My wife and I have been married for about three and a half years now. It has never been easy. Someone reading this might be smiling and nodding their heads, thinking “Yep, that’s how those early years are.” I sure hope you didn’t experience what we did and do. We’ve been pushed to the edge, sometimes of survival, sometimes of sanity, sometimes of our relationship. So yeah, not easy.
I’ve been writing seriously and building a writing career for a little over a year now. Some of the life challenges along the way have made it impossible for me to do anything useful for anywhere from a day to weeks at a time. I simply couldn’t, even if I had the time, because I couldn’t summon the will or peace of mind. Other times I was so busy taking care of others that I wasn’t getting enough food and sleep. Writing was not on my list of priorities. Shouldn’t have been. I do have a passion for writing, but it wasn’t enough. Real, serious, sometimes disturbingly messed-up things demanded my energy.
But not always! (Cue sunshine and butterflies and double rainbow.) There were days I woke up kissed my wife and daughter and got amazing things done. That’s right, in the absence of disaster, wonderful things were possible. Those were the days when I could feel my wife and family and everyone behind me, I had my health, and by golly, I was going to do something with it!
When writers talk about finding time to write, one of the most common pieces of advice they give is to examine what you are sacrificing in order to write. That’s not wrong, but frankly it only applies to the petty things like TV or Facebook. If Facebook is what you would rather do on your sunshine-butterflies-double-rainbow days, then buddy, you have no passion for writing. If you do care, and you do want it, the most important thing you can do is to build yourself some life support: build your life so that it supports your writing.
1. Build good health. This leads to having good energy, minimizing sick days and costs, and feeling good about yourself. Health can either be empowering or a weight dragging you down. Control what you can, manage what you can’t.
2. Build a team. If you’re married, I hope your marriage is awesome and perfect. If not, spend a few minutes every day trying to make it better. Your spouse has the ability to support you emotionally and logistically like no one else. If they don’t get the whole writing thing, tell them openly and honestly about your passion for writing. Beg. Cry. If they love you, they’ll get it.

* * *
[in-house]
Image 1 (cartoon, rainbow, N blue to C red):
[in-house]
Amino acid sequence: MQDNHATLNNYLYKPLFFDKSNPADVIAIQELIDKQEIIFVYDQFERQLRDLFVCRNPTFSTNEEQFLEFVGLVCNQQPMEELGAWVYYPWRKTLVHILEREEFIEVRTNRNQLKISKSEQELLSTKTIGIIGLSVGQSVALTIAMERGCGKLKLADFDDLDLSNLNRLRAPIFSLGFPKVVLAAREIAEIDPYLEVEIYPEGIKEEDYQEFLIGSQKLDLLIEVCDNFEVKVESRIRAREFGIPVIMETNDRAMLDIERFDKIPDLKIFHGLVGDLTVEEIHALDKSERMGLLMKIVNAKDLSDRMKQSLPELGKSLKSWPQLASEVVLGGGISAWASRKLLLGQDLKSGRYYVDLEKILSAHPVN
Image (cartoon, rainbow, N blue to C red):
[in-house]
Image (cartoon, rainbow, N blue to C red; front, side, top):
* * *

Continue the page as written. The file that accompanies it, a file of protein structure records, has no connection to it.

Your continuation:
Other than your spouse, find professional teammates. I spend time over at Mary’s blog partly for the social contact. (It’s also a fine blog.) Mary’s on my team, whether she means to be or not, just because she’s serious about her writing and the industry.
I have work to do in this area. I’m building professional relationships, but slowly. My wife and I could probably have some better talks about what kind of support I need. Figure out what you need.
3. Build a writing schedule. This means a schedule that lets you do what you must, then write. Don’t tell yourself that writing is your top priority. Sleep is. Then water, then food, and so on. Schedule your week based on these things, and then decide what’s next in importance and schedule it. Once you reach writing, see what time is left. Be honest, or it won’t matter. Print out your schedule and put it where you can see it. Show it to your spouse/roommates and get them on board. Set yourself goals, reach them, and then do as you like.
4. Build a writing space. This is my biggest challenge. I can’t write at home most of the time because people won’t give me peace. The places I find best for writing are a simple, plain, uncluttered space (community college library) or a place filled with uninteresting activity (coffee shop, fast food place). Whatever works for you is what you should build.
5. Build an understanding of yourself. When you spend writing time doing something else, why?
A. I’m too tired/don’t have the energy to work.
B. I’ve been thinking about the other activity for a while, and it arrests my focus.
C. I’m in a bad mood or feeling troubled and can’t focus.
D. It feels boring right now.
E. I’m stressed and don’t want to think about my problems. I escape.
Don’t just feel guilty about not writing. Guilt is a self-message that you need to improve. Ask yourself why you spent two hours on Facebook. Avoiding writer’s block? Too stressed out? Headache? Find the problem so you can plan around it or fix it. Guilt will destroy your happiness if you don’t address it, and you definitely don’t want to start associating writing with guilt.
Understand your problems as well as what works for you. Ask yourself why it’s that way.
There are other things you will build, like people and worlds and a throng of fans, but start with your life and build forward.
It’s late and I’m writing this post from a phone, so I bet there are other facets of life that need building. What can you think of in your own life?